No one has to convince Darryl Hill about the value of sports in society. He has been a first-hand witness for a half-century, ever since he enrolled at the University of Maryland and became the first African-American to play in the Atlantic Coast Conference.
Hill had to sit out in 1962 after transferring from the Naval Academy, but he integrated the ACC in 1963 and emerged as the Terrapins' top receiver. He has been honored this year during 50th anniversary celebrations at Maryland and Clemson, and reflected on his accomplishment in various articles.
"Sports put everyone on the same playing field and same level," Hill said in a recent phone interview. "I fought against discrimination in college sports so that young African-Americans and people of color could play sports at the college of their choice."
Now the 69-year-old native Washingtonian has turned his attention to a different type of discrimination in sports, a form of bias that is growing but isn't grasped by many folks. His new battle entails breaking down barriers associated with cost, not color.
"Kids now have to pay to play, and they're getting locked out," Hill said. "Sports are becoming more and more for children of the elite. The children who can afford it play on elite teams and travel teams at the top level. It's not the most deserving athletes; it's the most economically capable athletes."
He realized the depths of the issue earlier this year when a friend in Loudoun County, Va., brought it to his attention. She earned "a fairly decent income and could afford to put her children in sports, but it was a squeeze and a pinch for her as a single mother," he said. "And she noticed how children from lower-income levels weren't able to play or get to and from practices and games. I said, 'Something's wrong with this picture.'"
The conversation led Hill to form Kids Play USA, a nonprofit organization that seeks to remove financial barriers to participation in youth sports. As he's come to find out, the hurdles can be quite sizable.
"There are costs for joining teams, for buying equipment, for arranging private lessons, for travel," sports mom Jodi Furman, of Palm Beach, Fla., told Reuters. "It can really add up; I know families who spend over $10,000 a year on sports for their children. Parents need to go into it with their eyes — and wallets — open."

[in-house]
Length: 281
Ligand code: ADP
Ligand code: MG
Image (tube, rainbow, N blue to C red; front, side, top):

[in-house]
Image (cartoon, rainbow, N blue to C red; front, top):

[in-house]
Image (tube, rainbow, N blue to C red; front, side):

Mark Hyman, a journalist and George Washington University professor, presents a startling look at the arms race in his new book, "The Most Expensive Game in Town." One example is the story of Fran Dicari, a sports dad in Cincinnati, who in 2010 dropped $8,921 on his children's athletic pursuits.
"I think of it as the global warming of youth sports," Hyman told The New York Times. "There are a lot of forces nudging you toward the more expensive end of the scale. All around, other families are making big investments."
Hill said raising public awareness at the youth level is the first order of business for Kids Play USA. He points to statistics on how beneficial sports participation can be for children, leading to better, healthier outcomes in any number of areas (academically, physically, socially, psychologically, etc). Hill said the decline in opportunities based on finances is "a travesty.
"If we have a wave of children out of sports, we're putting them in harm's way," he said. "Because they're going to be idle, and you know what that means. Sports have been one of the saving graces that kept the community in balance. If you lose that, you're putting society and the community at risk."
He's under no illusion that we'll return to the days when youth pick-up games were the norm and most league play required little to no cost. But the money-making aspect of youth sports is a concern, where leagues, tournaments and personal trainers can become big business.
"A lot of entities are trying to maximize the revenues they take in, and not all of it goes for the benefit of children," Hill said. "The goal is to level the playing field so sports are available to all children. If push comes to shove and we can't get it level, we'll help families that want to play."
The obstacles have changed since Hill arrived at Maryland. But his objective remains the same: Pave a road to sports for children on the outside.
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